Read more

Senator put in prison for criticising the government

Senator Miguel Castells wrote an article claiming that the government was failing to investigate a series of murders. He was convicted of insulting the government and sentenced to a year in prison. The European court ruled that his right to free speech had been violated. The Spanish Constitutional Court then developed its case law to provide greater protection to free speech in Spain.

Read more

Newspaper’s free speech victory leads to reforms

In 1988 the local newspaper Bladet Tromsø published claims by a government inspector alleging misconduct by certain seal hunters. The Norwegian courts found the newspaper liable for defamation, saying that it had relied too heavily on government reports. The Strasbourg court ruled that this violated the paper’s right to free speech – leading to reforms to protect freedom of expression.

Read more

DNA records of innocent people destroyed after privacy complaint

Two men from Sheffield had DNA samples taken by the police. Criminal charges against them were dropped. However, under British law the police could retain their DNA forever. The Strasbourg court ruled that keeping DNA records of innocent people breached their right to privacy.

Read more

Justice for animal rights campaigners who had pamphlets seized by police

Elina Goussev and Michael Marenk were protesting against the fur trade. Police searched their homes and seized campaign materials. The Strasbourg court ruled that this had breached their right to free speech, as the seizure had not been clearly justified by Finnish law. After the case had been submitted to the court, reforms were made to prevent arbitrary seizures.

Read more

Limits on government surveillance and the right to access information

R.V. was a postman. Along with 200 others, he was put under secret surveillance by security services – allegedly for being part of the Peace Movement. The European Commission for Human Rights found that Dutch law had not properly protected the applicants, violating their right to privacy. A new law was passed to clearly set out the circumstances and conditions in which secret surveillance can...

Read more

CCTV footage of suicide attempt used for publicity

A local authority’s CCTV cameras recorded a man attempting suicide. The local authority released the pictures to the media, after which they appeared in newspapers and on television. The Strasbourg Court ruled that the release of the images had been an unnecessary violation of the man’s privacy.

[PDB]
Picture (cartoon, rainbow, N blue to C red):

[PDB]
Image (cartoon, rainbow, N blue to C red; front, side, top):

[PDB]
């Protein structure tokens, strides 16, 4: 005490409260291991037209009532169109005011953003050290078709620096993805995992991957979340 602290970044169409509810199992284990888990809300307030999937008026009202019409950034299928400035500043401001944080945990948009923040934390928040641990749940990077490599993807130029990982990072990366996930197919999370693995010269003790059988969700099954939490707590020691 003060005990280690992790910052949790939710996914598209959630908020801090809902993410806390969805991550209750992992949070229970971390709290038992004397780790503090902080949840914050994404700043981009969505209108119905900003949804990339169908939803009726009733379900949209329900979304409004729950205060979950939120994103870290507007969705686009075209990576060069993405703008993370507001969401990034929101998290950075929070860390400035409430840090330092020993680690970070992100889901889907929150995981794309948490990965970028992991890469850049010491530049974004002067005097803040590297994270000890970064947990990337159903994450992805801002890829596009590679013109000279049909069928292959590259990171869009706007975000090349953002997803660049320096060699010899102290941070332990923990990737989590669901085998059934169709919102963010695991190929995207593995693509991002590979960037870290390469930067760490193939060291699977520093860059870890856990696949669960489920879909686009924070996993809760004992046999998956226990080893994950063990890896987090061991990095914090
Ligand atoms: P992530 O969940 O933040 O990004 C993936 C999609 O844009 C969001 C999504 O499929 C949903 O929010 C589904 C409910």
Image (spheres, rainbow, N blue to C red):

Read more

Justice for man who was fined for writing an article

Isaak Grinberg wrote an opinion article criticising a local governor. The governor sued Mr Grinberg for defamation, making him pay a fine. The Strasbourg court ruled that Mr Grinberg had been punished for giving a value judgment about a public figure. This violated his right to free speech. Mr Grinberg was awarded €1,120 in compensation.

Read more

Greater protection for the media after journalist fined for refusing to reveal the identity of his source

Journalist William Goodwin was given leaked information about a company. The company wanted to sue the source of the leak - but Mr Goodwin refused to reveal their identity. The UK courts fined Mr Goodwin 5,000 pounds for contempt of court. The Strasbourg court ruled this had violated his right to receive and give out information.

Read more

Privacy laws strengthened after a lawyer’s phone calls were intercepted

The authorities tapped the telephone of lawyer Hans Kopp and listened to confidential conversations. The Strasbourg court ruled that Swiss law had not properly limited the interception of confidential communications by the authorities. This violated Mr Kopp’s right to respect for privacy, leading to stronger legal protections.

Read more

Legal challenge brings an end to the state monopoly on TV and radio

During the 1970s and 1980s, various Austrians wanted to set up local TV or radio stations. However, Austrian law banned them from doing so, as it gave the Austrian Broadcasting Company a monopoly. The Strasbourg court ruled that the ban was disproportionate and violated the right to free speech. The judgment led to the opening up of broadcasting regulations.

Read more

Fairer television coverage for small political parties

Small political parties received virtually no television news coverage, and were banned from TV advertising. The Strasbourg court ruled that this left the Pensioner’s Party no way of transmitting its message on TV, violating its right to freedom speech. Reforms were made to political broadcasting rules, requiring the national broadcaster to include smaller parties in its TV coverage.

Read more

Reforms made after pensioner given unreasonable punishments

Sofija Tešić received a monthly pension equivalent to 170 euros. After she lost a defamation case, every month two-thirds of her pension was taken to pay off her debt – leaving her without money to pay for medication. The Strasbourg court ruled that this had been disproportionate. The Serbian courts changed their case law to limit defamation awards, and enforcement proceedings were also...

Read more